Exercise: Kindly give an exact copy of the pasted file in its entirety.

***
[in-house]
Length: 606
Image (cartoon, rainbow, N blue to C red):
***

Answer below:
[in-house]
Length: 606
Image (cartoon, rainbow, N blue to C red):